Jan 24, 2019
By Loren B. Belker, Jim McCormick, and Gary S. Topchik
In recent years, getting work done through teams has become standard practice in many organizations. This is true for a couple of reasons. One reason is synergy. Generally, it has been proven in workplaces that groups make better decisions than an individual working alone. Another reason for having teams is that in today's world of high technology the manager cannot know as much as all of the employees; the manager can no longer be the expert. In many fields and occupations today, managers have people working for them who have specific expertise far beyond theirs. It is no longer possible in these instances to tell people what to do. The manager needs to support and guide employees and let them come up with work-related answers.
If you really want your team to succeed and perform at the highest levels possible, you need to build a team dynamic. A team dynamic is the willingness and the ability to work in an interdependent fashion where team members need to rely on other team members to accomplish their work or to achieve the goals of the team.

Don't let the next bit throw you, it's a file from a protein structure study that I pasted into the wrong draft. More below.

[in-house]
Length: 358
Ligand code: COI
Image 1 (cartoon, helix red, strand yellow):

In order to build a team dynamic, the following six factors are essential:
- Open communication
- Clear roles and responsibilities
- Goal clarity
- An effective leader
- A reward and accountability system for both individual team members and the entire team
Consider this scenario: A young manager-to-be accompanied his mentor, an experienced manager, to observe a high-performing team in operation at a manufacturing company. When he first walked into the room, he said to his mentor, "Oh boy, this is a dysfunctional team! Listen to the way they're arguing with each other." The older man replied, "Pay attention, you're witnessing a great team."